If you have ever engaged in disorderly conduct or petty theft, gotten a DUI, been arrested during a political protest, or garnered any other kind of infraction (minor or major) on your record, we hope that you have learned important lessons from the experience and won’t repeat it. But if you are applying to a grad program, you are likely to be asked on your application, “Have you ever been convicted of a crime? If yes, please explain.”
In this post, we will explain how to portray yourself in the best possible light in this situation, while also outlining how to approach this question honestly, without going overboard. After all, if you have done something stupid, something deserving of a conviction or suspension, you have a higher bar to clear with the admissions committee to prove that you are worthy of their acceptance.
- Don’t try to hide a conviction.
Admissions committees (and the firms they hire) conduct background checks on applicants. An unexplained discrepancy gives them an easy reason to reject your application or withdraw an offer of admission. So, when asked, own up to your behavior. Don’t make excuses.
The biggest struggle you might face is overloading your writing with justifications of your behavior. Even very subtle self-serving statements (“I was still just a junior in college…,” “I felt strong peer pressure to…”) can be read by an admissions committee as a failure to take responsibility for your actions. Leave out the excuses and directly address what you did.
- Don’t go overboard addressing the infraction.
Although you need to take responsibility for what you did, you also want to avoid turning your entire application into an overblown mea culpa. Usually, a well-written response to an application’s “failure” essay question is enough; don’t discuss your mistake(s) in every element of the application – that’s too much!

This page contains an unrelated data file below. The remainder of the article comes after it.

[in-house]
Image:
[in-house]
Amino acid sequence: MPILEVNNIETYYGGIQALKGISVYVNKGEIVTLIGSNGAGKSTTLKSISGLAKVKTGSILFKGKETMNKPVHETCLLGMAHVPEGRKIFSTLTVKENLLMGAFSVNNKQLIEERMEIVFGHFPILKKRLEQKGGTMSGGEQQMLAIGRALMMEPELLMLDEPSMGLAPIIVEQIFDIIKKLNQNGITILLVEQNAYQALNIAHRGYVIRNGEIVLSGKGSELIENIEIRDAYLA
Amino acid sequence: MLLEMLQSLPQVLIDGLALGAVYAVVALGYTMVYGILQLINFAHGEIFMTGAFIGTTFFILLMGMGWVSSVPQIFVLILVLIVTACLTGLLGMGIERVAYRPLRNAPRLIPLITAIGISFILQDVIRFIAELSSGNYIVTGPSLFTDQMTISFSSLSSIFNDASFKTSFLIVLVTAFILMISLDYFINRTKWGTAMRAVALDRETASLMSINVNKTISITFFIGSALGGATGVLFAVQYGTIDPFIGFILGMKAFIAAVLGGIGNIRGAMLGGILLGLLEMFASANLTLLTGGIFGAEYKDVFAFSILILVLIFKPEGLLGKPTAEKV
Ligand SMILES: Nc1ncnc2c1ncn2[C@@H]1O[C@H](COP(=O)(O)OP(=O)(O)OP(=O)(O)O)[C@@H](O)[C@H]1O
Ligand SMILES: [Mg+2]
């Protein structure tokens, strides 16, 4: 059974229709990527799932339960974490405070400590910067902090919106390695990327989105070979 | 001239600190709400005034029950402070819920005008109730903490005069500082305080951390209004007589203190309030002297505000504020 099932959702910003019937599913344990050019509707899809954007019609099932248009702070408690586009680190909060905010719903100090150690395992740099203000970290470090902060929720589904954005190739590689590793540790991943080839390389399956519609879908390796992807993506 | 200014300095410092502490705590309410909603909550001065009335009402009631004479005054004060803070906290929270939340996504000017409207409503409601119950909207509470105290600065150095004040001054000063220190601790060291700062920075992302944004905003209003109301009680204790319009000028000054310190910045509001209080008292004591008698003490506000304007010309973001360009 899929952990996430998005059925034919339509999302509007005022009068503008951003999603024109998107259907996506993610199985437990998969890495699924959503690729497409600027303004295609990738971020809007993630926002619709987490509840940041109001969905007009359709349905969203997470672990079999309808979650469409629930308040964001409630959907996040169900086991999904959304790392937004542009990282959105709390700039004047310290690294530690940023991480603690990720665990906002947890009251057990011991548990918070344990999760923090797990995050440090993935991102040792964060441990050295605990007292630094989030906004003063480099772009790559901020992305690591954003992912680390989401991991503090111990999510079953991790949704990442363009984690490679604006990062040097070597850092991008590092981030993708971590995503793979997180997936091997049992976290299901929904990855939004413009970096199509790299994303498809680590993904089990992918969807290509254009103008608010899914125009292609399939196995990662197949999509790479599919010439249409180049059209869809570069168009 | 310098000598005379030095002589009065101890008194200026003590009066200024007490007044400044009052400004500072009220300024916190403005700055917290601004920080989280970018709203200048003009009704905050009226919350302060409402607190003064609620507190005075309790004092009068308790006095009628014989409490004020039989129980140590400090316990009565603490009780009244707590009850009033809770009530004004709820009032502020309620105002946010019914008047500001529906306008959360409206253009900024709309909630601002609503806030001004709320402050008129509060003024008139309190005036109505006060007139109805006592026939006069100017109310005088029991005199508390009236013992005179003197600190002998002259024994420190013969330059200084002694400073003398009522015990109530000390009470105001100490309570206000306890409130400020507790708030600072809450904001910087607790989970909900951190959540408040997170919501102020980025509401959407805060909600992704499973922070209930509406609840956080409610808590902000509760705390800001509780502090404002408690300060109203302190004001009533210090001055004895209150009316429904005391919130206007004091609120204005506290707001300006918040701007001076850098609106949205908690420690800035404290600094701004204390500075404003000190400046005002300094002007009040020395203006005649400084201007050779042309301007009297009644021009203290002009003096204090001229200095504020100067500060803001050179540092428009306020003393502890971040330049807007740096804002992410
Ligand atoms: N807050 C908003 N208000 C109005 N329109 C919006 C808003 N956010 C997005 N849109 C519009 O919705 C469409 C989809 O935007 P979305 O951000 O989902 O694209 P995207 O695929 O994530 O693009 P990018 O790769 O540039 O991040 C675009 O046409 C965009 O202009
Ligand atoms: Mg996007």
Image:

- Show that you learned your lesson and that your past unfavorable behavior won’t be repeated.
This step tends to be less of a struggle because usually you can express remorse, detail the steps you took to atone for your actions, and show how you have matured as a result of the experience. For example, consider illustrating how you became heavily involved with your community, counseled others who tended toward the same behavior, and otherwise turned your failure into a success benefiting others. It is imperative to show what actions you’ve taken to regain the trust of your peers and work colleagues. A simple “I’m sorry and won’t do it again” is not enough.
Perfect execution of these suggestions will increase your chances of admission but might still not be enough to earn you acceptance to a top school. And it is not just that the school is concerned about your background; future employers are also hesitant to hire someone with a felony charge. In fact, multiple DUI charges can even result in the withdrawal of a job offer. Think twice – and then a third time – before you do something that you could regret for a very long time, and avoid having to deal with this situation altogether.
Are you applying to grad school with a criminal record? Work one-on-one with an Accepted consultant to evaluate your profile, figure out where you should apply, and devise an admissions strategy that will help you present your story in the best light. These actions will strengthen your chances of acceptance. Please visit our graduate school Admissions Consulting Services page for more information.
Dr. Christie St-John has over 25 years of experience as MBA admissions director, career coach and Chief Military Recruiter at Vanderbilt University and Tuck School of Business, consultant at Université de Nice, and adjunct faculty at Vanderbilt. Christie has a deep knowledge of MBA and graduate admissions. Want Christie to help you get Accepted? Click here to get in touch!
- From Example to Exemplary, a free guide to writing outstanding application essays
- “Your Past Doesn’t Define You,” Accepted Podcast Episode 209
- 3 Reasons Why Writing About Overcoming Obstacles Strengthens Your Application Essays